Guilt feels yuck. But in some instances, guilt is healthy. And it’s important to distinguish healthy guilt, from toxic guilt – because toxic guilt eats away at our wellbeing, our happiness and our relationships. muse parenting expert Ash Nayate explores the difference between healthy and unhealthy guilt.
Here’s the distinction. Healthy guilt arises from our own action or inaction – like when we yell at the kids or when we don’t follow through with a promise. We feel guilty because the behaviour goes against something we value. As unpleasant as it feels, this type of guilt is healthy because it compels us to act, in order to restore the balance (apologising, for instance).
Toxic guilt, on the other hand, occurs when we feel guilty for our benign actions (or inactions) – and/or the effect they have on others.
For example, I experienced toxic guilt when I returned to work after maternity leave – even though my decision to return to work was well considered and aligned with my values.
Often, toxic guilt arises from unrealistic standards – trying to be the perfect parent, spouse, friend, child or employee. Toxic guilt erodes our confidence and self-esteem, contributes to feelings of stress and sadness, undermines our relationships and can even affect our physical health.
Interestingly, guilt is an emotion that only develops in the earlyto mid-primary years, coinciding with the development of the conscience – our internal moral compass. It’s a social emotion, rather than a primal emotion like anger or fear.
For the first six to seven years of life, caregivers teach kids about guilt. Many of us are extremely good at experiencing toxic guilt and we inadvertently pass this on to our children – often in unrealistic standards we hold for their behaviour.
Many of us are extremely good at experiencing toxic guilt and we inadvertently pass this on to our childrenAsh Nayate - Muse Parenting Expert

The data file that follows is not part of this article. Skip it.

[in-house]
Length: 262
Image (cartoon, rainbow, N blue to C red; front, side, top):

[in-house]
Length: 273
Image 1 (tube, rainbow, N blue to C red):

Kids are often blamed (or shamed) for developmentally appropriate behaviour – behaviour that is impulsive, erratic, ego-centric and indecisive. Young kids may ‘know the rules’ but their young brains haven’t yet developed the self-regulatory capability of an adult brain. They often struggle to put the brakes on their impulses – particularly when they’re feeling angry, isolated, frustrated, hungry, tired, grumpy or irritated.
It’s easy to think that there’s something wrong if our kids don’t feel guilty for their behaviour. It’s tempting to tell our kids that their behaviour makes us sad or caused us to yell or lash out. In doing so, we teach them toxic guilt.
Even for those of us who are highly attuned to toxic guilt, because we experienced it, it’s too easy to slip back into old habits.
Recognising our own habits of toxic guilt is the first step to changing them. It’s a process that takes time, as we undo our ingrained patterns by practising new ones that overwrite the old.
In these moments when we slip into old habits of toxic guilt, perhaps it’s useful to remind ourselves that our kids don’t have the cognitive maturity to feel healthy guilt – nor should they feel guilty for developmentally appropriate behaviour.
Perhaps it’s valuable to remember that our kids aren’t responsible for our feelings.
Perhaps it’s helpful to recognise our triggers for imposing toxic guilt on our kids – those moments where we snap, because we’re stretched too thin or at our wits’ end.
Perhaps we recognise that while our kids’ behaviour might indeed be frustrating or infuriating, our response has more to do with our emotional state than it does with them.
Perhaps working on ourselves and taking care of ourselves are among the kindest things we can do for our kids.